Depression Marathon Blog

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Diagnosed with depression 19 years ago, I lost the life I once knew, but in the process re-created a better me. I am alive and functional today because of my dog, my treatment team, my sobriety, and my willingness to re-create myself within the confines of this illness. I hate the illness, but I'm grateful for the person I've become and the opportunities I've seized because of it. I hope writing a depression blog will reduce stigma and improve the understanding and treatment of people with mental illness. All original content copyright to me: etta. Enjoy your visit!

Tuesday, March 16, 2010

A matter of perspective

It's funny. Looking at my triathlon training schedule for the week, I'm not overwhelmed this morning. In fact, I'm thinking, "Oh, this isn't so bad." That's when I started chuckling. My classmates and I are scheduled for nine hours of training this week. Two weeks ago, we had our first nine hour training week, and I was overwhelmed. Last week I trained for ten hours, and I was overwhelmed. Now I'm scheduled for nine hours again, and I'm relieved. It's all a matter of perspective, isn't it?

Interestingly, I've found the same with depression. Depression's pain is also subject to my perspective. At the top of a downhill slide, I tolerate less pain less well than I do once I'm climbing back up. If I'm used to feeling well, a little discomfort can feel overwhelming and scary. Yet that same level of discomfort may feel joyous and relieving if it occurs after a long period of hopelessness and pain. Once again, I find my athletic experiences uniquely correlate with my mental illness. That's interesting.

I wonder if that correlation helps me deal with training, helps me deal with depression, or both? I think it's probably both. Sometimes when I'm running through a tough spot, as I was during the Richmond Marathon in November, I think surviving depression helps me persevere. Knowing I've survived through hopelessness and pain in life has helped me put one foot in front of the other when running. At the same time, although I probably call on it less often, I think persevering through tough runs has reminded me to persevere through hopeless moments of depression. It seems silly, but it's true. I think we have to use whatever we can to get us through. I use training to get me through life, and I use life to get me through training.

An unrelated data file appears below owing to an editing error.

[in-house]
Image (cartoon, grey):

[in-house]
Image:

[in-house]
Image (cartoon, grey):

I wonder. What do you use to get you through your tough days?


Wendy said...

I've never run a race, but like you I concentrate on the moment and occupy myself with whatever is nurturing, energizing, etc..and just like the "runner's high" I know that I'll get there, even though the god-awful running is slow. I also have an index card with "this too shall pass" written on it. So glad that the miles you once dreaded, are becoming easier, internally and externally.

A. Paige Turner said...

I think each feeds the like you say, "It is both!"

Congratulaitons Etta!!!

I know the heights and the depths you speak of. And just like the training you are going through now ~ only the STRONG survive. You are very strong!

What gets me through? My belief in God. ~ I lost that belief for a decade, but God did not lose His belief in me. I still have hard days ~ but they are bareable because I know they are simply passing by ~ they aren't going to stay for an extended period of time! (SMILE)!

Continue to live strong! You have earned it!